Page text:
This Essay demonstrates the strategic advantage of narrow patents and unprotected publication of R&D output. Broad patents might stifle follow-on improvements by deterring potential cumulative innovators, who fear being held up by the initial inventor at the ex post licensing stage. By opting for a narrower patent and unprotected publication, the initial patent holder commits not to hold up follow-on inventors, thus promoting sequential innovation and generating lucrative licensing fees. Counterintuitively, in cumulative innovation settings, less protection benefits the patentee. This finding may serve as a counter-force to the much-lamented "anti-commons" problem. More generally, our theory demonstrates that the divergence between private interests and social objectives - on both the static and dynamic dimensions of intellectual property - is not as great as conventionally believed. Our theory bridges yet another gap; that between the two main theoretic strands in patent law scholarship - the property rights perspective and the information revelation perspective. It also explains the recent trend toward unprotected publication of information. Finally, we propose an important reform of the novelty requirement in patent law that would further encourage narrow patents and unprotected publication by bolstering the credibility of a patentees commitment not to patent previously published research findings.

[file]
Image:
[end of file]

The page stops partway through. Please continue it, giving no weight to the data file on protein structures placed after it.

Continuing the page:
Patents, Intellectual Property, Cumulative Innovation, Publication, Licensing, Hold-up
Virginia Law Review
Bar-Gill, Oren and Parchomovsky, Gideon, "The Value of Giving Away Secrets" (2003). Faculty Scholarship at Penn Law. 27.